After too long a pause I serenely said, “Thank you, but I must decline.” This would interfere with my planned trip to Indiana to sit my parents down and tell them exactly who I am: a non-believing abstract artist and lesbian. I had spent my every last dollar on that 100% non-changeable, non-refundable plane ticket and could not financially nor emotionally afford to change my itinerary.

I was begged to change my plans. I was told I was the one the faculty had specially chosen for this job and would make a mistake to turn this down. I felt trapped and said I would call on Monday with my answer.

After a sleepless weekend I made the phone call. I offered a vague explanation of how I am often haunted by the mystery of being me, especially in these crazy moments when it feels like there’s only one right answer–the one I dislike but the one that compels me. I hung up, cried, and promised myself to do my best to neither mention this to my parents nor resent them for this sacrificial gift I was about to give them that most likely would be unappreciated.

I arrived in Indiana with solemnity and was met with little ceremony. My parents knew my visit’s purpose was to tell them important news. They probably had guessed but withheld any speculation. I spoke separately to them. Each conversation was several hours long. I fielded questions rooted in myths about homosexuality, such as, “Who raped you to cause it?” To this, I responded honestly I had never been touched inappropriately. Mom was not convinced and suggested it probably happened when I was too young to remember; perhaps it was that time she hired a teenage boy to babysit when I was a toddler. My strong doubts could not dissuade her.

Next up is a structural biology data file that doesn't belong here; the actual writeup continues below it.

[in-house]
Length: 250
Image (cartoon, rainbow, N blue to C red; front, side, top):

Dad denied I could possibly be happy, as I had stated I was, because I was too far outside the will of God to experience true happiness. He also said it was his duty as a grandfather to protect his grandchildren from me. I think he believes homosexuality and pedophilia are synonymous. Interestingly, he knew I worked part time as a nanny to help pay for my tuition and living expenses but never expressed concern for those children.

Mom said she’ll try to not be like the father in Fiddler on the Roof. In my opinion she hasn’t tried very hard.

Dad asked why the tears and why travel all that way to tell him and Mom what I knew they wouldn’t accept. I said in breathless exasperation that I had hoped for understanding but felt like I was only being judged. After a deafeningly long pause, Dad said, “Okay, I’ll give you some understanding.”

I wiped my tears and leaned back in my chair. Dad first reminded me that he had not graduated from high school because he failed a required math course during his last semester. He was too humiliated to retake it during summer session and without consulting his parents he walked into a military recruitment office and enlisted in the Navy. I knew this already. What came next still mystifies me today.